Monday, 19 September 2011

John Piper, Newhaven and the Towner Appeal

The Towner Gallery in Eastbourne has appealed for help in buying two interesting pieces by John Piper, both showing the harbour at Newhaven. Both pictures are currently on show at the gallery, as part of its summer blockbuster, 'John Piper in Kent and Sussex', and they're among the best on display.

Piper is an intriguing figure, not least because his work is so varied and, it has to be said, uneven. Looking through 'Piper's Places',  the book he put together with Richard Ingrams towards the end of his (Piper's) life, I was struck by this. You'd go from a beautifully detailed, atmospheric drawing of a country church to a scribbled sketch of some piece of coastline that had evidently caught his fancy at a particular moment, in a particular light perhaps, or with clouds looming.

Eric Ravilious, Newhaven Harbour (litho), 1937
Of course he went everywhere (in England and Wales, at least), setting the trend for his generation by leaping in his car, at a time when owning one was still a luxury, and buzzing about the countryside, photographing and sketching everything that caught his interest - churches and ancient monuments, elegant streets, hills, ruins, harbours...

Edward Bawden, Newhaven, 1935
I think his work reflects this restless, sometimes hectic, motion. At its best it can capture the spirit of a place perfectly, and bring something new to the artistic process too, and this is especially true of the collages he made in the 1930s. His collage of the Castle pub and the harbour is in striking contrast to the paintings Eric Ravilious and Edward Bawden made at the port around the same time.

The Towner has secured £75,000 from The Art Fund and other sources towards the purchase price of Piper's 'The Castle' and 'Newhaven' - a wonderfully energetic pen and ink drawing, but still needs another £10,000 to complete the sale. Perhaps some generous sponsor has already stepped forward, or perhaps the money will come from thousands of people, each giving a little. They're well worth the investment, I'd say. Thank heavens Piper had the sense not to become a solicitor...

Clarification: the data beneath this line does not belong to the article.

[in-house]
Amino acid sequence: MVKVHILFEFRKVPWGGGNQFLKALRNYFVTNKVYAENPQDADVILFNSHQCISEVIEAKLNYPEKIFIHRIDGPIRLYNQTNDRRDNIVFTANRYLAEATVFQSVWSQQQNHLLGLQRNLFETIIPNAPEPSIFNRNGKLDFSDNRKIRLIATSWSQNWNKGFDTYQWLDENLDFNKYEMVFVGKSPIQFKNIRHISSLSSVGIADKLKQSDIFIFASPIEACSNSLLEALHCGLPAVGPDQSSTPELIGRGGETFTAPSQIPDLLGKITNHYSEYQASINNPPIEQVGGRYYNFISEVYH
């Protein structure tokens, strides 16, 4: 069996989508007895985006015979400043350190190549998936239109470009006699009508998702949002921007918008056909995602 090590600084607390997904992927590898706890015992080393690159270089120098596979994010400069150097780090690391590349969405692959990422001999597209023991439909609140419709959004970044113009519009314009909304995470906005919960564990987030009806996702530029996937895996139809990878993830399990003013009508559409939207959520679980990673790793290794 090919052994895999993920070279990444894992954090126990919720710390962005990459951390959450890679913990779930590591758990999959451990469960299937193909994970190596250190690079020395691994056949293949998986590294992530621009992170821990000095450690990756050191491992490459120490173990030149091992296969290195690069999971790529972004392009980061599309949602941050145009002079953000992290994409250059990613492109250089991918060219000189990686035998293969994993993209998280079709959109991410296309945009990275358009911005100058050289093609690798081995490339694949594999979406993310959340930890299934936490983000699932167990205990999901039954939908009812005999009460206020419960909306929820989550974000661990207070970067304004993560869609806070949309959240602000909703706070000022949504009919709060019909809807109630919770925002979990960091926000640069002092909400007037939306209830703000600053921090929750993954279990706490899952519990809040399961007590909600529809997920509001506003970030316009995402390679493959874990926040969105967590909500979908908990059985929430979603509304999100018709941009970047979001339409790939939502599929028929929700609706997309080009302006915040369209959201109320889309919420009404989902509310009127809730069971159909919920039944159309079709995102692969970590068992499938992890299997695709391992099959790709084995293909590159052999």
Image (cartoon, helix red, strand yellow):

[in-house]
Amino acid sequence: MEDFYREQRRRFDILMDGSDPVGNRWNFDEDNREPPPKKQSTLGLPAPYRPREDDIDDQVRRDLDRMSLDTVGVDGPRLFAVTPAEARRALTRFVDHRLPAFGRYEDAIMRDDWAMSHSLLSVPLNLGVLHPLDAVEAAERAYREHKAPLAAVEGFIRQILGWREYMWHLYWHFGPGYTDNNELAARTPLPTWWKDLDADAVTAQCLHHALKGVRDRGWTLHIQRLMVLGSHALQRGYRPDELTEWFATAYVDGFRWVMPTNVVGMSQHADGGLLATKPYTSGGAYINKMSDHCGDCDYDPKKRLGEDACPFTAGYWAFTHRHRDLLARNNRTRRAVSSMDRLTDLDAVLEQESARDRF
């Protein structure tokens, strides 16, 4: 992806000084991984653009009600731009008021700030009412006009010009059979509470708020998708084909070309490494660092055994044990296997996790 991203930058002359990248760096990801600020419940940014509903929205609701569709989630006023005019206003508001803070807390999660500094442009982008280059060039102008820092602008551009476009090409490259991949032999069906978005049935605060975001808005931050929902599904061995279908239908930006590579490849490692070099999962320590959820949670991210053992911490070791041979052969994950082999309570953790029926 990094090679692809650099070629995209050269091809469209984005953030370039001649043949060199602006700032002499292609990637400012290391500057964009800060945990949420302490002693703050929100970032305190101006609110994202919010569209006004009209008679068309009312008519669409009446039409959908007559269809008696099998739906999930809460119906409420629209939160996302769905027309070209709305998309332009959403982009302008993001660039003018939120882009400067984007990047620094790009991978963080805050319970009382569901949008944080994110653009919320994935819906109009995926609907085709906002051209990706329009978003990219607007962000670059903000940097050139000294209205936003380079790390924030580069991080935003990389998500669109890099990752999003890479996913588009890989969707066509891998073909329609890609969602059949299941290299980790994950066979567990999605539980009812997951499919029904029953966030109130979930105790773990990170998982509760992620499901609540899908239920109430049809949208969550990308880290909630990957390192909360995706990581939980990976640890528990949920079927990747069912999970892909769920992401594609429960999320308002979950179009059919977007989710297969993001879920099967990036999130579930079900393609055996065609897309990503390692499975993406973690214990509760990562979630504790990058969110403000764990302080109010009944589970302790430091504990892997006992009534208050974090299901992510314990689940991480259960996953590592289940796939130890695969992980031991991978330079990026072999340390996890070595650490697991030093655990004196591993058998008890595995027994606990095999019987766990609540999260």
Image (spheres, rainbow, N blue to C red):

Later: the extra money was found and Towner now owns both pictures - once again the Art Fund has helped a museum buy work which is both popular and important. 

Friday, 9 September 2011

The Slow Death of Banksy's Reaper

Banksy's Reaper: rowing nowhere slowly
I was sitting recently outside The Ostrich, one of those Bristol dockside pubs that has seen its fair share of comings and goings over the centuries, nursing a half of cider and looking across the water at a picture I see several times a week. In fact, other than paintings we have at home, I probably see it more often than any other artwork. This picture is rudimentary in the extreme, a hasty sketch in white paint on the hull of a boat, just above the waterline.

My daughter tried to persuade me the other day that the picture is of a monkey, but I'm fairly sure it's supposed to be the Grim Reaper, rowing a boat as hundreds of people do in the Harbour every week. Not that this Reaper would actually be going anywhere, were he really rowing: he looks more like a gruesome old signalman yanking at his levers to change the points (and, no doubt, send two trains hurtling towards each other).

on Stokes Croft
This rowing reaper was painted by the Bristol street artist known to the world as Banksy, a man renowned for his ability to create quite substantial paintings in public without anyone noticing. He hasn't often taken to water, and this note in his book 'Cut It Out' suggests why:

One night I painted the side of Bristol's new harbour bridge [Pero's Bridge] with  a message about the slave trade, which got painted over within six hours of daybreak. Afterwards, I made the slowest getaway in criminal history, splashing through the darkness in a tiny rowing boat before stopping off to paint my name on the side of the Thekla.

This tag was removed, against the wishes of the boat's owners (Thekla houses a music venue and nightclub), by Bristol City Council, whose long campaign against Banksy has distinctly Pink Panther-ish overtones, so the maverick dauber came back with the Reaper. It has survived the Thekla's 2006 refit and paint job, so that today Death occupies a square of dark grey on the otherwise green hull. Various patches of paint in greenish-greyish hues show where other tags have been deleted.

Blue paint cleaned off by BCC